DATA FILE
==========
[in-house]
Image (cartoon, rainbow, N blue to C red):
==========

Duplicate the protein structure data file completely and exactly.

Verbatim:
[in-house]
Image (cartoon, rainbow, N blue to C red):